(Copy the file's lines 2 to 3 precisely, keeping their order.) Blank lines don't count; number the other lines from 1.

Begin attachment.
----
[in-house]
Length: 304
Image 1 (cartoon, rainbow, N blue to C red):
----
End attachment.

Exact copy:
Length: 304
Image 1 (cartoon, rainbow, N blue to C red):